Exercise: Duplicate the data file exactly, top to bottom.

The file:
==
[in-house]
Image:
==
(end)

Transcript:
[in-house]
Image: